What sets this game apart from others and the biggest issue with this game is the lack of ways to take out enemies while in combat. Having spent two or three hours getting killed in the smallest of battles, I learned there is only one way to play this game. One way to approach every single battle and you must rinse and repeat the same process every single time.

This comes back to the flaws with character progression. This game will only allow you to play by slowly picking off enemies one at a time. Taking on groups of three or more enemies is more often than not, impossible to win until the later parts of the game when you have found good enough armor. The tactical approach is cool as you must sneak around the area, picking off enemies silently as they patrol the area before you end up taking on the group, but its just so much repetition.

Silent weapons do not do much damage. A pistol with a base damage of 4, will not allow you to take out an enemy with 25 health quickly. Once your turn is over, the enemy will alert nearby enemies and you will get surrounded and killed.

Bormin has a skill called Hog Rush. It is an attack that will have you charge at an enemy, knocking them to the floor and they will be unable to attack for 2 turns. This gives everyone on the team two rounds of attacks to kill the enemy before he wakes up and alerts everyone nearby. It is normally enough to get the job done, but it gets boring. Since this is the ONLY way to take out an enemy silently and it is close to impossible to take on a large group of enemies, you must stick to this formula time and time again.

To a certain degree, this tactic is fun. The problem is that you will get bored doing the same thing over and over. Defeating a high power enemy is part of your objective, you must defeat him to continue. There are 8 enemies patrolling the area. This means you need to do the same thing, 8 times before you can face the boss. If the game is going to force you to use stealth, they could at least give you more variety in how you go about it.

Once you are coming toward the end of the game, you will have upgraded your silent weapons, found some armor that offers you good protection and have other weapons capable of doing 10+ damage. Combined with some new skills that you will unlock from new characters in your party, you can start to alter your combat approach.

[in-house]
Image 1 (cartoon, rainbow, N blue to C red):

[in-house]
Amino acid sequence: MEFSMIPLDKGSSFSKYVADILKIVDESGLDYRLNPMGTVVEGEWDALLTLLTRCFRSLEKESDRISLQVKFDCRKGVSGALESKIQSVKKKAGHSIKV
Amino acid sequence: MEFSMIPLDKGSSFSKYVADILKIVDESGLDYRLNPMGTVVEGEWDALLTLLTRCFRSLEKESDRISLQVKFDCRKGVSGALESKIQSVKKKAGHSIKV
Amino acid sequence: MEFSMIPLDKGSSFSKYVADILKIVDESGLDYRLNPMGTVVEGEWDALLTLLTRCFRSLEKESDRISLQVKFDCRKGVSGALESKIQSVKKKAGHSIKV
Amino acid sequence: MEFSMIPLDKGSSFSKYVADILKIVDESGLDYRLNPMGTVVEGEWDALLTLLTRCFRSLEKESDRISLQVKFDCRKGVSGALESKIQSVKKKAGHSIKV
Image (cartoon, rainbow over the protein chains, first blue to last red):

Cool abilities like mind control can do a lot to turn the battle in your favor. Silently take control of an enemy, have all the other enemies blow the crap out of him while you sit back and watch the chaos. There was definitely a massive change in the style of combat in the latter part of the game. It is hard to understand why this wasn’t something the game would let you do from the very start.

The reason you keep playing is because this world is so much fun to explore. It always feels like there is some cool mystery just around the corner. You will be reminded of Fallout in many ways. There is still fun and mystery amid the chaos and ruins. The depression has been taken out of the world as we know it coming to an end. Having a great sense of humor helps make the wasteland exploration more enjoyable.

The fight to survive and the unexplored mysteries keep you going in this game and doesn’t dissappoint. There are lots of lines you could draw between the story of this game and that of Horizon Zero Dawn. For those who are into that type of Sci-Fi, you are likely to get a lot of enjoyment out of Mutant Year Zero.


Road To Eden is a fantastic addition to the turn-based genre. A unique world with an unusual lineup of characters will capture your interest and keep you enjoying things until the very end. While the combat can get boring and repetitive, the story and other aspects of the game keep you engaged and prevent you getting sick of it too easily. This franchise has a very promising future.
  • The post apocalyptic world is a lot of fun to explore
  • Quirky lineup of mutant characters
  • Great sense of humor
  • The combat is very repetitive
  • Character upgrades are very limited and do little to diversify the gameplay